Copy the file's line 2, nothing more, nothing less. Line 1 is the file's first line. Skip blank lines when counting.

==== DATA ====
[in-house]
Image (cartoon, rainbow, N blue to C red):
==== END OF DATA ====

Image (cartoon, rainbow, N blue to C red):